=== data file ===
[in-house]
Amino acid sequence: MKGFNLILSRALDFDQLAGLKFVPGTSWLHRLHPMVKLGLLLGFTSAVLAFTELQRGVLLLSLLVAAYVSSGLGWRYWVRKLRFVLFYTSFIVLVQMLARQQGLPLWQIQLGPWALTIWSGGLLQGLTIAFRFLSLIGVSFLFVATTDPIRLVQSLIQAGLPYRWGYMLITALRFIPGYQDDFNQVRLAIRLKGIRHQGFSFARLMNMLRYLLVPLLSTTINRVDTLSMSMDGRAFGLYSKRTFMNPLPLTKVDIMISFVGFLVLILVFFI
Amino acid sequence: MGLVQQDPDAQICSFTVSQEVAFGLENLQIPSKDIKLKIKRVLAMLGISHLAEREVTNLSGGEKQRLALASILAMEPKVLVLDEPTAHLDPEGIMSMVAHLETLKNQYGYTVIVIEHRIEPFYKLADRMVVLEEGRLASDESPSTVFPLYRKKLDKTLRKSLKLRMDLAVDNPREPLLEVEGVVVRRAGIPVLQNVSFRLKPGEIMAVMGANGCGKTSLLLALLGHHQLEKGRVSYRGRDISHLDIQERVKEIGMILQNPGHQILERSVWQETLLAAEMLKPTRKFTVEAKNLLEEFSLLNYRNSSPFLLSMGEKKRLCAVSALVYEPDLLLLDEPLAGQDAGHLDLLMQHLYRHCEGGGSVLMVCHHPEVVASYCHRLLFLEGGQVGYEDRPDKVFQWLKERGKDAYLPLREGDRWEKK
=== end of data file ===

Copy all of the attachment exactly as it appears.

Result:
[in-house]
Amino acid sequence: MKGFNLILSRALDFDQLAGLKFVPGTSWLHRLHPMVKLGLLLGFTSAVLAFTELQRGVLLLSLLVAAYVSSGLGWRYWVRKLRFVLFYTSFIVLVQMLARQQGLPLWQIQLGPWALTIWSGGLLQGLTIAFRFLSLIGVSFLFVATTDPIRLVQSLIQAGLPYRWGYMLITALRFIPGYQDDFNQVRLAIRLKGIRHQGFSFARLMNMLRYLLVPLLSTTINRVDTLSMSMDGRAFGLYSKRTFMNPLPLTKVDIMISFVGFLVLILVFFI
Amino acid sequence: MGLVQQDPDAQICSFTVSQEVAFGLENLQIPSKDIKLKIKRVLAMLGISHLAEREVTNLSGGEKQRLALASILAMEPKVLVLDEPTAHLDPEGIMSMVAHLETLKNQYGYTVIVIEHRIEPFYKLADRMVVLEEGRLASDESPSTVFPLYRKKLDKTLRKSLKLRMDLAVDNPREPLLEVEGVVVRRAGIPVLQNVSFRLKPGEIMAVMGANGCGKTSLLLALLGHHQLEKGRVSYRGRDISHLDIQERVKEIGMILQNPGHQILERSVWQETLLAAEMLKPTRKFTVEAKNLLEEFSLLNYRNSSPFLLSMGEKKRLCAVSALVYEPDLLLLDEPLAGQDAGHLDLLMQHLYRHCEGGGSVLMVCHHPEVVASYCHRLLFLEGGQVGYEDRPDKVFQWLKERGKDAYLPLREGDRWEKK